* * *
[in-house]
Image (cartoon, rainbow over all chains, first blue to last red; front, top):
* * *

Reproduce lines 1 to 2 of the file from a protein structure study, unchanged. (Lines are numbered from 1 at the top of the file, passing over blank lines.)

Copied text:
[in-house]
Image (cartoon, rainbow over all chains, first blue to last red; front, top):